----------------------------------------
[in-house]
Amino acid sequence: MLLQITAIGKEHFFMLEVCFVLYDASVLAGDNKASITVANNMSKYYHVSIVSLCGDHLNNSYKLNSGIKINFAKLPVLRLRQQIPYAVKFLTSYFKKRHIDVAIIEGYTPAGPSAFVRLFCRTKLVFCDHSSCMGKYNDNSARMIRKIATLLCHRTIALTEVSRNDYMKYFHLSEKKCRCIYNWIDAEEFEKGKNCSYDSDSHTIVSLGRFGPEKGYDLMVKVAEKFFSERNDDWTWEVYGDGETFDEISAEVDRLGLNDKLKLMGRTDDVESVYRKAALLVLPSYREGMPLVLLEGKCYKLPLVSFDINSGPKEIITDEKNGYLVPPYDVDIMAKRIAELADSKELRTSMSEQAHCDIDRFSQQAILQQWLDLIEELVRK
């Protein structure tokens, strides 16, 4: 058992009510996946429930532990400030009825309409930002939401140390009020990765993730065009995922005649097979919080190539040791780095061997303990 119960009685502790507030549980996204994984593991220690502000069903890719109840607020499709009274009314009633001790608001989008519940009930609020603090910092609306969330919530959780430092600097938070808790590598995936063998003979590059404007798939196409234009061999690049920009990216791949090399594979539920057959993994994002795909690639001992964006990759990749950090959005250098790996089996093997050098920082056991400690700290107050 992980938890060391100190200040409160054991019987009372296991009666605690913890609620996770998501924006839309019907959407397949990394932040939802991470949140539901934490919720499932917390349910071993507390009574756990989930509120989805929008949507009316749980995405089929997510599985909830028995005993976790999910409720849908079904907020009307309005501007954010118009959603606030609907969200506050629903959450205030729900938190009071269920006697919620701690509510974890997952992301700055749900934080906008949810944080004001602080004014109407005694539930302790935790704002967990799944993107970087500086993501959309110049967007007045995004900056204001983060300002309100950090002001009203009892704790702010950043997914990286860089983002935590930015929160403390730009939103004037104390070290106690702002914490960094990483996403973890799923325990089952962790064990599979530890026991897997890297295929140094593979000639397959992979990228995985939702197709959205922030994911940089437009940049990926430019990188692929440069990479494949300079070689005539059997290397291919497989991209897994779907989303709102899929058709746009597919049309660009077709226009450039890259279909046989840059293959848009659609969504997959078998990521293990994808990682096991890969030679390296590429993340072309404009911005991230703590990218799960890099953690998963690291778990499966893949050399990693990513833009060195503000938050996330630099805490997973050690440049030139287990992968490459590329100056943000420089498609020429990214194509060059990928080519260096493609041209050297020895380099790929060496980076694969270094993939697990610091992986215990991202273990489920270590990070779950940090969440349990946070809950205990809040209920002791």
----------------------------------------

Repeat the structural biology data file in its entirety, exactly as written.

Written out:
[in-house]
Amino acid sequence: MLLQITAIGKEHFFMLEVCFVLYDASVLAGDNKASITVANNMSKYYHVSIVSLCGDHLNNSYKLNSGIKINFAKLPVLRLRQQIPYAVKFLTSYFKKRHIDVAIIEGYTPAGPSAFVRLFCRTKLVFCDHSSCMGKYNDNSARMIRKIATLLCHRTIALTEVSRNDYMKYFHLSEKKCRCIYNWIDAEEFEKGKNCSYDSDSHTIVSLGRFGPEKGYDLMVKVAEKFFSERNDDWTWEVYGDGETFDEISAEVDRLGLNDKLKLMGRTDDVESVYRKAALLVLPSYREGMPLVLLEGKCYKLPLVSFDINSGPKEIITDEKNGYLVPPYDVDIMAKRIAELADSKELRTSMSEQAHCDIDRFSQQAILQQWLDLIEELVRK
């Protein structure tokens, strides 16, 4: 058992009510996946429930532990400030009825309409930002939401140390009020990765993730065009995922005649097979919080190539040791780095061997303990 119960009685502790507030549980996204994984593991220690502000069903890719109840607020499709009274009314009633001790608001989008519940009930609020603090910092609306969330919530959780430092600097938070808790590598995936063998003979590059404007798939196409234009061999690049920009990216791949090399594979539920057959993994994002795909690639001992964006990759990749950090959005250098790996089996093997050098920082056991400690700290107050 992980938890060391100190200040409160054991019987009372296991009666605690913890609620996770998501924006839309019907959407397949990394932040939802991470949140539901934490919720499932917390349910071993507390009574756990989930509120989805929008949507009316749980995405089929997510599985909830028995005993976790999910409720849908079904907020009307309005501007954010118009959603606030609907969200506050629903959450205030729900938190009071269920006697919620701690509510974890997952992301700055749900934080906008949810944080004001602080004014109407005694539930302790935790704002967990799944993107970087500086993501959309110049967007007045995004900056204001983060300002309100950090002001009203009892704790702010950043997914990286860089983002935590930015929160403390730009939103004037104390070290106690702002914490960094990483996403973890799923325990089952962790064990599979530890026991897997890297295929140094593979000639397959992979990228995985939702197709959205922030994911940089437009940049990926430019990188692929440069990479494949300079070689005539059997290397291919497989991209897994779907989303709102899929058709746009597919049309660009077709226009450039890259279909046989840059293959848009659609969504997959078998990521293990994808990682096991890969030679390296590429993340072309404009911005991230703590990218799960890099953690998963690291778990499966893949050399990693990513833009060195503000938050996330630099805490997973050690440049030139287990992968490459590329100056943000420089498609020429990214194509060059990928080519260096493609041209050297020895380099790929060496980076694969270094993939697990610091992986215990991202273990489920270590990070779950940090969440349990946070809950205990809040209920002791």